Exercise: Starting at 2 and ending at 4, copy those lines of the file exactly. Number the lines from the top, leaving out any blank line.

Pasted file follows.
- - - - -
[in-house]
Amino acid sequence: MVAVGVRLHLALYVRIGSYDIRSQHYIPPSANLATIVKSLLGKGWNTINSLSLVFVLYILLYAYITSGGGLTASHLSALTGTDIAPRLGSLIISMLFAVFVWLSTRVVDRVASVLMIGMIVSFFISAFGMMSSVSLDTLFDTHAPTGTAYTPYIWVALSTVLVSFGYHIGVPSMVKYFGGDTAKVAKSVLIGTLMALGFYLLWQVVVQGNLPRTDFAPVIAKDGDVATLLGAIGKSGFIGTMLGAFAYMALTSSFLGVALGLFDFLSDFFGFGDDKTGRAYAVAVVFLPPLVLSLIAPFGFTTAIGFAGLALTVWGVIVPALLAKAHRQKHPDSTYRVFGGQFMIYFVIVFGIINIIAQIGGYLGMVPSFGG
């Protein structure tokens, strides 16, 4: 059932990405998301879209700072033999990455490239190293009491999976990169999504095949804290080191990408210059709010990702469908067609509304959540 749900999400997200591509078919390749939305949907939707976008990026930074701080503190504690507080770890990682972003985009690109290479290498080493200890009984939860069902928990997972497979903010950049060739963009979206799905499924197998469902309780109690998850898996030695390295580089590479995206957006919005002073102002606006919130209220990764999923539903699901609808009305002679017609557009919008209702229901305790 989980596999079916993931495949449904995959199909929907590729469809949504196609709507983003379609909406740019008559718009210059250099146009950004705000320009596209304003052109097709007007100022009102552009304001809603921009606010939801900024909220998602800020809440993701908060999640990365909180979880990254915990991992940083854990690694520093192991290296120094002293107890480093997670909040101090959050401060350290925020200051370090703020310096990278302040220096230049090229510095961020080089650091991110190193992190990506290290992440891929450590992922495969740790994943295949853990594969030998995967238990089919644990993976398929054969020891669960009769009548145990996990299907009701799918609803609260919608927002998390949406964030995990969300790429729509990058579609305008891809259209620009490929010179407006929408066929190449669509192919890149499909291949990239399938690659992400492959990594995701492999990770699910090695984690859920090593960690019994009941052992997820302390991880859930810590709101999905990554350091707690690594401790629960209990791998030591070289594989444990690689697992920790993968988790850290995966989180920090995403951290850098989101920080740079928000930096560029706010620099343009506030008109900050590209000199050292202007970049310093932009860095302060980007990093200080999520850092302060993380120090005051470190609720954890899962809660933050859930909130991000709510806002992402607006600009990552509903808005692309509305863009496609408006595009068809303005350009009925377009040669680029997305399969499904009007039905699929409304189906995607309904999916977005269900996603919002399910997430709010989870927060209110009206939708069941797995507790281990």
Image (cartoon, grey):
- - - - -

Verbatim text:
Amino acid sequence: MVAVGVRLHLALYVRIGSYDIRSQHYIPPSANLATIVKSLLGKGWNTINSLSLVFVLYILLYAYITSGGGLTASHLSALTGTDIAPRLGSLIISMLFAVFVWLSTRVVDRVASVLMIGMIVSFFISAFGMMSSVSLDTLFDTHAPTGTAYTPYIWVALSTVLVSFGYHIGVPSMVKYFGGDTAKVAKSVLIGTLMALGFYLLWQVVVQGNLPRTDFAPVIAKDGDVATLLGAIGKSGFIGTMLGAFAYMALTSSFLGVALGLFDFLSDFFGFGDDKTGRAYAVAVVFLPPLVLSLIAPFGFTTAIGFAGLALTVWGVIVPALLAKAHRQKHPDSTYRVFGGQFMIYFVIVFGIINIIAQIGGYLGMVPSFGG
């Protein structure tokens, strides 16, 4: 059932990405998301879209700072033999990455490239190293009491999976990169999504095949804290080191990408210059709010990702469908067609509304959540 749900999400997200591509078919390749939305949907939707976008990026930074701080503190504690507080770890990682972003985009690109290479290498080493200890009984939860069902928990997972497979903010950049060739963009979206799905499924197998469902309780109690998850898996030695390295580089590479995206957006919005002073102002606006919130209220990764999923539903699901609808009305002679017609557009919008209702229901305790 989980596999079916993931495949449904995959199909929907590729469809949504196609709507983003379609909406740019008559718009210059250099146009950004705000320009596209304003052109097709007007100022009102552009304001809603921009606010939801900024909220998602800020809440993701908060999640990365909180979880990254915990991992940083854990690694520093192991290296120094002293107890480093997670909040101090959050401060350290925020200051370090703020310096990278302040220096230049090229510095961020080089650091991110190193992190990506290290992440891929450590992922495969740790994943295949853990594969030998995967238990089919644990993976398929054969020891669960009769009548145990996990299907009701799918609803609260919608927002998390949406964030995990969300790429729509990058579609305008891809259209620009490929010179407006929408066929190449669509192919890149499909291949990239399938690659992400492959990594995701492999990770699910090695984690859920090593960690019994009941052992997820302390991880859930810590709101999905990554350091707690690594401790629960209990791998030591070289594989444990690689697992920790993968988790850290995966989180920090995403951290850098989101920080740079928000930096560029706010620099343009506030008109900050590209000199050292202007970049310093932009860095302060980007990093200080999520850092302060993380120090005051470190609720954890899962809660933050859930909130991000709510806002992402607006600009990552509903808005692309509305863009496609408006595009068809303005350009009925377009040669680029997305399969499904009007039905699929409304189906995607309904999916977005269900996603919002399910997430709010989870927060209110009206939708069941797995507790281990």
Image (cartoon, grey):